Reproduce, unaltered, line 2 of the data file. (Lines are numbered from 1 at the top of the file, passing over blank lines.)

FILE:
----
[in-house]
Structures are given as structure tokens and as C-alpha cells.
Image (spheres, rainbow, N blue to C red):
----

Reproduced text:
Structures are given as structure tokens and as C-alpha cells.